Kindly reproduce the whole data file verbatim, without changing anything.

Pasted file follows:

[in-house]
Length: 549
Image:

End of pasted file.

[in-house]
Length: 549
Image: